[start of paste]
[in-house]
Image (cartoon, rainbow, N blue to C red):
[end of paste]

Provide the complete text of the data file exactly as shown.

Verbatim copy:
[in-house]
Image (cartoon, rainbow, N blue to C red):